I was so excited to be going to Glastonbury for the first time ever this year, but having started a new job a few months ago I hadn’t had any time to think about it, at all. I didn’t even know what bands were playing, except Coldplay and Beyonce of course which the whole world knew about.
The night before the big day arrived (and I was trying to pack) but I wanted to check out all the action – so I decided to see if there was an app to help. I was in luck and found the official Glasto2011 appdeveloped by Orange in association with The Guardian.
The app had a few precise functions, Map, Schedule/My Planner and News.
I had a browse at the line up in the schedule, which was handilyorganised by stage area, and also had an alphabetical search function to find your favourite bands. I added a number of acts to My Planner – a personalised schedule based on your chosen acts. My Planner was a great tool, it showed me which stages I was going to attempt to get to each day and clearly showed the clashes between acts, which is always an issue at these types of festivals. Big tick!
One improvement on this functionality would be the potential to ‘go back’ to where you were looking in the schedule. Once you added something to My Planner you had to go back to the main schedule menu and re trace your steps to where you were browsing. Annoying!
To make the function even more useful I would have liked to havemore information on the acts available. Click on an act and then choose to bring up more info on what type of act they are and a bit of info about them. For the smaller stages and alternative acts in Cabaret and Circus areas for example, this would have been really useful. Imagine linking this with the potential to sample or buy the music – that would have been interesting.
After a really early wake up call on the Wednesday morning, and a road trip in the rain, we arrived at Glasto!!!! I proudly got out my Glasto app to look at the map as we were directed into a car park area… butthe map didn’t show the car parks so we had no idea which pedestrian gate we would be coming in at. Oh dear. Communicating with the rest of our Glasto group to decide where to camp would have to wait, and unfortunately the other half of my group pitched near their car park, on the other side of the festival to where we parked, nightmare!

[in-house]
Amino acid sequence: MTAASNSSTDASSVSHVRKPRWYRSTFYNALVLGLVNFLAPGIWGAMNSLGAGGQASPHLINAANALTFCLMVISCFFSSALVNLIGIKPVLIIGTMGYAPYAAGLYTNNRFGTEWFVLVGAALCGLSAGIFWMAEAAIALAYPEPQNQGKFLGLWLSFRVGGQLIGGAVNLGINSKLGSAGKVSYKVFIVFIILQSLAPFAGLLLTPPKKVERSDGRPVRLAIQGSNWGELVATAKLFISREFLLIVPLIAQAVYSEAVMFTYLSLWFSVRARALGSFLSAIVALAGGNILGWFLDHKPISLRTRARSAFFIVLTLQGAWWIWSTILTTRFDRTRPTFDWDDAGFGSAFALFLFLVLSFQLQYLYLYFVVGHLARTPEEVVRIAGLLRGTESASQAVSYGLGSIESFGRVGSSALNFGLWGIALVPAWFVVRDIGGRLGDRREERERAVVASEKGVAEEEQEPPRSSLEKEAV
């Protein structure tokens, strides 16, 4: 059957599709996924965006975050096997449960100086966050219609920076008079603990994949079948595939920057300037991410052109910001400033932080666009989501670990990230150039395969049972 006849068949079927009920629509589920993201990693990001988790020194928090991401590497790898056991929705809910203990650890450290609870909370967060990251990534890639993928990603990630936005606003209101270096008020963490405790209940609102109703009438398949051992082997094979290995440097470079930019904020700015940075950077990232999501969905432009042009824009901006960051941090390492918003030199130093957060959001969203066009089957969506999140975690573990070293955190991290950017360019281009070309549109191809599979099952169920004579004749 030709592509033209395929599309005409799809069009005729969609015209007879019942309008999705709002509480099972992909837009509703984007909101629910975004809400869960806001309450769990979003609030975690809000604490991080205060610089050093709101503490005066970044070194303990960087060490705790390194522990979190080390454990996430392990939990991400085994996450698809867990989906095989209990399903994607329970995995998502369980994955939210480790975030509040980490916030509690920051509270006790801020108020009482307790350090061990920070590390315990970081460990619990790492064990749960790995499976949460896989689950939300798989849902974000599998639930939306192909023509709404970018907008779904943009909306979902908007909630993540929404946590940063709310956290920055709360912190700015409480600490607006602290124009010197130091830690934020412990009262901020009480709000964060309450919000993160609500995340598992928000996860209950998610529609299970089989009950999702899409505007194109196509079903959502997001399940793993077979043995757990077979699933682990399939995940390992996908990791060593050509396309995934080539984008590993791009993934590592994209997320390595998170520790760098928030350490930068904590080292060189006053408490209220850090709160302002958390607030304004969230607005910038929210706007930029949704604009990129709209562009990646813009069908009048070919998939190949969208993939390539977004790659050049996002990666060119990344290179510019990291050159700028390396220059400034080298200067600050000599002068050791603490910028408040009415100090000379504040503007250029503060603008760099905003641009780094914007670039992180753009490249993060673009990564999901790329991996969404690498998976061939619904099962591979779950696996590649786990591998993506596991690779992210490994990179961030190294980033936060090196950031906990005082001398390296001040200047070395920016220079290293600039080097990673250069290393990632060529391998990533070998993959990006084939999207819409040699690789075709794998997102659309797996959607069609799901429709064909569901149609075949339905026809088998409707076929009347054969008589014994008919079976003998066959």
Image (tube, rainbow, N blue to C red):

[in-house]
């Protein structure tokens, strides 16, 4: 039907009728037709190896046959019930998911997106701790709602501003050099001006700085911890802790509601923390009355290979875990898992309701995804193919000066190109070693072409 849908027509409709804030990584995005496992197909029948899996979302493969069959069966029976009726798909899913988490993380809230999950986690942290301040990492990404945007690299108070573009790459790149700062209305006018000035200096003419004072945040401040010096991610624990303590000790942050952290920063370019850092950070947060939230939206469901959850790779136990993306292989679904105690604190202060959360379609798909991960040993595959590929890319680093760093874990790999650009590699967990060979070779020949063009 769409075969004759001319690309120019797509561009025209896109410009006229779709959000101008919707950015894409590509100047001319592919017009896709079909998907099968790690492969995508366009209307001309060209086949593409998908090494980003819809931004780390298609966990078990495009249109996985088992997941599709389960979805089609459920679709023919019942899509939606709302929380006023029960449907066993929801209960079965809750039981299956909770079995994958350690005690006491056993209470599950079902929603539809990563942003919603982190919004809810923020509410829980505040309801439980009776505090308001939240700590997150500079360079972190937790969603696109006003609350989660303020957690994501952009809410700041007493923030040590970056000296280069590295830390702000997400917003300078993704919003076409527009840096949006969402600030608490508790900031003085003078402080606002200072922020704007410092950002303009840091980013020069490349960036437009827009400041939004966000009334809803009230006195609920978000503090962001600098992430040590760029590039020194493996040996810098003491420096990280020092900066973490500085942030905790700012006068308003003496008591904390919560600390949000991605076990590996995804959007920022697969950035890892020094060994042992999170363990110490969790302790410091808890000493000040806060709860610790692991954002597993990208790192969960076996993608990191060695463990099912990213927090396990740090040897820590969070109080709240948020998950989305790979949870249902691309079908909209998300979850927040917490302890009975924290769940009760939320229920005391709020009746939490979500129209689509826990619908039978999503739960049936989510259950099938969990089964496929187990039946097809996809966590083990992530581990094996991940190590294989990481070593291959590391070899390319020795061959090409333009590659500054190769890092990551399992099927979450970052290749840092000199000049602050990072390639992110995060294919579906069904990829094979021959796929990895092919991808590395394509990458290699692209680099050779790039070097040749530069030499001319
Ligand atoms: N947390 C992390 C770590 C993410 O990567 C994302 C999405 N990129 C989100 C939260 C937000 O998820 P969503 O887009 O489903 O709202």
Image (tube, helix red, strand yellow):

There could have been a bit more thought put into the map, in particular when looking at the acts on the map. You could click on an act and choose to see where it is on the map. However a big arrow doesn’t show up, it just zooms in a bit on the area – not particularly clear.
The map had some really useful attributes, for instance itslocation services. It could show you exactly where you were which was really good and helped route planning. This was particularly useful as the mud made walking particularly challenging.
Something that would have been really useful would be the ability to put a marker on the map where your tent was, all the camping areas looked pretty much the same and after a few beverages it could have been a little tricky for some to remember where they needed to go to get ‘home’.
The news function was interesting but I have to admit I didn’t really use it. There were some other quirky ideas on the app, such as ‘I am…’ where everyone could select how they were feeling, and you could then see the map as a ‘mood map’ showing where the buzz was around the festival. Pretty cool but again, I didn’t really use it.
Generally the app was aesthetically really pleasing and in general easy to use. In essence it was a great idea and most of my group had the app on their phones. The issue wasn’t really with the app, but more the platform and convenience. Conserving battery life was a constant challenge, so most of us had location services, 3G, even the phone itself switched off meaning some functionality was lost. Also, thefear of getting your phone out and dropping it in the mud, or worse, was a huge factor for not using the app much during the festival. When it came to it, the app didn’t really add anything new during the festival that you couldn’t get out of traditional print. It was easier to quickly check the extremely efficient booklethanging round your neck that was really well designed, and in some way it was more in the feel of Glastonbury to ignore personal technology for the week.
I will probably have the app again next time but I may invest in a solar or battery phone charger so I don’t need to worry about battery life and I would also hope for good weather so I’m not so afraid of losing my phone in the mud.
I can’t wait for Glasto 2013 and am really interested to see what changes are made to the app by then!
Did you use the Glasto2011 app or a different one? What did you think? Let us know in the comments below…